Langshans are reliable layers and produce around 200 large, dark-brown eggs annually. Sometimes the eggs have a distinctive purple tinge. They are good mothers but not very broody.
7. The Jersey Giant
Jersey Giants are one of the largest breeds and originated in the USA. Hens weigh up to 11 lbs and roosters up to 14 lbs and can stand 26 inches high.
Despite their size, they are friendly, docile birds and enjoy being handled; thus many people keep them as pets.
Hens aren’t very broody or good sitters because they often crush the eggs. They lay well during the winter and produce 150–200 large, light to medium brown eggs annually.
Jersey Giants are incredibly hardy and cold-resistant but have a large single comb, so you must be vigilant about frostbite during the winter.
8. The Rhode Island Red
The Rhode Island Red is ideal for Alaska because it’s a resilient, low-maintenance breed that thrives in all climates. They’re dual-purpose birds – the hens weigh up to 6.5 lbs and the roosters up to 8.5 lbs.
Rhode Island Reds is a popular US breed, and the hens are reliable layers, producing 250–300 medium to large brown eggs annually.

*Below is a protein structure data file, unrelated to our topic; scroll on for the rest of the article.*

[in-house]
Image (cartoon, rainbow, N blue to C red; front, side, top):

They are confident, friendly birds, but sometimes the roosters can be territorial, so you shouldn’t keep them with timid chickens or around children or pets.
9. The Wyandotte
Wyandottes are hardy, native birds with a small rose comb and are incredibly cold-resistant.
They are dual-purpose birds with distinctive markings and colors. The roosters weigh up to 8 lbs and hens up to 6 lbs.
Wyandotte hens are fairly broody and lay 150–200 cream to light brown medium to large eggs annually. They’re calm, quiet birds and are happy to live indoors.
Wyandottes are docile birds but are generally aloof with humans and don’t enjoy being petted and handled.
The best egg laying chickens for Alaska are cold hardy ones. Alaska is the coldest state, and even the summers can be chilly.
Ideally, choose large birds with extensive feathering and small combs which are less prone to frostbite.
If you have chickens with large combs, you should invest in a sweeter heater for the coop to prevent frostbite. Alternatively, you can cover their combs in Vaseline.
Hot days in Alaska are rare, but if temperatures soar, ensure your birds have constant access to shade and water.